Don’t get us wrong, we’re not saying that the 100 DMA is some sort of major “line in the sand” for these averages. It’s just the second support level of the first two levels we’ll be watching over the near-term...if (repeat, IF) the market does indeed see some more downside follow-through in March.
The much more important support level will be at the 3275 level on the S&P 500. That would give the SPX a Fibonacci 38.2% retracement of the total rally from last March...AND it was the lows we saw in September andOctober. So that level will be a MUCH more important level. However, that’s 16% below the recent all-time highs, so we’re not going to worry about that one just yet.
For the Nasdaq, the more important level is the 10,500 level. That was the lows from the 12% correction this index experienced in September...and would give us a 50% retracement of the rally from last March. (The rally in the Nasdaq since last March has been stronger than it has been in the SPX, so it makes sense that it would see a deeper retracement if...repeat, IF...things get ugly.)........Finally, the 1800 level is the one we’ll be watching for the Russell 2000. That’s where the trend-line from the March lows comes-in...and it’s also a Fibonacci 38.2% retracement of the rally from the lows last March.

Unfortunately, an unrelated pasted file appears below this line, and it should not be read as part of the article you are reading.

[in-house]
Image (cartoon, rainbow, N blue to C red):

Any break below these more important support levels on all of these indices will mean that there is something more serious going on...and that a bear market is quite likely........We’re a long way from those “line in the sand” levels, so we’ll be concentrating on the 50 and 100 DMAs on these indices for now.
6) Ok, lets look at the charts on the groups that had become very overbought by mid-week last week. Some of them were interest rate related, but others became overbought on their own. Let’s start with a couple of the interest rate sensitive groups...the banks and the techs. We’ll start with the bank stocks. Both the KBE and KRE bank ETFs (along with several key individual bank stocks) had become quite overbought mid-week last week.
As we highlighted in point #4, the Treasury market has become extremely oversold on a short-term basis (overbought for yields). Thus it should be no surprise that when you look at the KBE & KRE (and the broader XLF financial stock ETF), they had also become quite overbought by Wednesday’s close (after Chairman Powell made his dovish comments in front of Congress...for the second day in a row). In fact, as you can see from the attached charts, the weekly RSI for these two ETF charts had reached levels that had signaled tops over the past 4-5 years (at least on a near-term basis). Therefore, they were getting ripe for the kind of pull-back that will last more than just 1 or 2 days. (This something we also highlighted in a CNBC interview on Thursday afternoon. Click on the link below to see the interview.)